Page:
One scene in the movie, which I won't describe, might strike some people as morally offensive. I don't know whether the scene is morally offensive, but rightly or wrongly, I found it funny. Warner Bros. asked the production team to create a "lighter, softer" version of the film, but the edgier version got released because test audiences preferred it.


Honorable Mentions: Outrage (discussed below); An Education (also discussed below); and Crazy Heart. In Crazy Heart, Jeff Bridges plays a washed-up alcoholic country singer. For a few minutes, it reminded me of The Wrestler (2008), but it's not as bleak.

For people who eat pork, I recommend the HBO documentary, Death on a Factory Farm. (For people who don't eat pork, I recommend continuing not to eat pork.) For boxing fans, I recommend Facing Ali (2009), a documentary that recaps Muhammad Ali's career by showing the usual fight footage along with recent interview clips of Ali's rivals. In Facing Ali, everyone interviewed seem grateful to have been part of Ali's show. Even Smokin' Joe Frazier says nice things. In the past, Frazier boasted that his punches gave Ali Parkinson's Disease.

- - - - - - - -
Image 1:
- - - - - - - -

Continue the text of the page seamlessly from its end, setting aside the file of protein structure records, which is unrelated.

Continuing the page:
About Outrage:

This is a documentary about gay closeted Republicans, some of whom are virulently anti-gay. Closeted politicians, it seems, come down especially hard on homosexuals in order to prove they're straight. Pretty sickening, 7th-grade stuff, but these self-hating queers have a lot of power in Washington.